I enjoyed The Alliance. It’s Reid Hoffman’s second book on work and career management, with insights and many actionable points of advice to deal with our current job environment of shorter job stints and ambiguous roles. The book makes a good case about old adages no longer apply when the dynamics of employment have shifted, and showcases – albeit somewhat cherry-picked – examples of success.
To be fair, the central theme of The Alliance wasn’t exactly a secret; the idea of restructuring employer-employee relationships away from lifelong tenures and more as finite “tours of duty” was evident mostly in the interviews about the book at launch. The broad philosophy and strategy makes sense, but what makes the book worth reading are the specific tactics it lays out, particularly from the perspective of people management. Even if some of the processes aren’t universally applicable, it’s inspirational to hear about organizations that have done well in structuring their employment expectations as a series of limited tours.
The one area that can still use improvement is the frequency that Reid and his coauthors invoke LinkedIn and how that company follows these examples. On one hand, it’s admirable that the advice is more than just theory-crafting, that a public company has bought into the notion of tours and leveraged it to seemingly great results. On the other hand, this is the second book in a row that reads like a LinkedIn advertisement, and its points can be made outside of a circle of personal experience.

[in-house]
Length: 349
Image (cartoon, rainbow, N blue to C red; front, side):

One part that I found fascinating was the observation that not many companies spend time cultivating their alumni networks, but it’s something that universities do extremely well. Since I personally believe that good professional relationships persist even as jobs come and go, maintaining ties after a job ends makes total sense from the employees’ standpoint. And whereas universities have a great reason to keep alumni engaged (donations), the book makes some decent cases for employer benefits as well, everything from ex-employees re-joining the company to business information and connections to simply job referrals.
I’m looking forward to the next book, and here’s hoping that it’ll be slightly less LinkedIn-y.